From major media stars to political bloggers to hordes of producers, reporters and technicians, what's happening in Denver might as well be called a media convention, not a political convention.
The Democratic Party credentialed 15,000 members of the media from around the world to cover an event that will be broadcast live.
But they come not because there is necessarily any unexpected news that's likely to unfold here, but because it's a quadrennial television spectacle made irresistible to journalists this year by the twin narratives of Sen. Barack Obama, D-Ill., becoming the nation's first black presidential candidate, and a party divided by supporters of Sen. Hillary Clinton, D-N.Y., disgruntled after a bruising primary battle.
"I think we're looking to see how the Democrats behave," PBS moderator and managing editor Gwen Ifill told ABC News. "They're coming into this all of them on the same page but with varying levels of enthusiasm."
Reporters and political pundits are preparing to parse every syllable of Clinton's primetime speech Tuesday night and former President Bill Clinton's non-primetime speech Wednesday.
"We're all waiting to see what they have to say and how they say it," said Los Angeles Times political writer Mark Barabak.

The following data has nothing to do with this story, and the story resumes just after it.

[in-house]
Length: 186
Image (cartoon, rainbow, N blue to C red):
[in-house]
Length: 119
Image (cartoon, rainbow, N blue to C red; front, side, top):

With the Democratic and Republican parties scheduling back-to-back conventions and the candidates waiting until just days before their conventions to announce their VP picks, many journalists say they're racing to keep up.
"This thing feels like it's gone off like a rocket," said ABC News correspondent John Berman, who has been in Denver since Wednesday filing stories. "It was the VP pick, then the Democratic conventions, then McCain's VP pick, then the Republican convention, right into the debates and boom, it's Nov. 2."
New York Times and CNBC correspondent John Harwood said convention coverage plans are getting made on the fly.
"I've never seen anything like it," said Harwood, who changed his travel plans to fly back to Washington on a red eye at 5 a.m. Friday to be in place for Sen. John McCain's expected vice presidential announcement. He's then getting right back on a plane Sunday to fly to Minneapolis-St. Paul for next week's Republican convention.
While the party's national conventions have become tightly scripted, highly choreographed television extravaganzas, reporters have not been able to uncover whether ailing liberal lion Sen. Ted Kennedy, D-Mass., is planning on making a surprise appearance at the convention Monday night.
Downtown Denver has become a candyland for political junkies with television news personalities and national politicians schmoozing on the street.
MSNBC's Chris Matthews bumped into veep shortlister Kansas Gov. Kathleen Sebelius outside the Hyatt Regency Hotel near the Colorado Convention Center.
"This convention's always more fun that the GOP's," Matthews said. "Democrats just have more fun."
But some journalists say the two-hour Mountain Time difference will have them rising early and skipping out on the plethora of convention parties around Denver.
Harwood says he's going to try to make it to one of the hottest tickets in town -- Thursday night's Vanity Fair/Google party.
ABC News' senior political reporter Rick Klein said he'll rise two hours earlier than his usual 4 a.m. wake-up call to get ABC's "The Note" published on Mountain Time.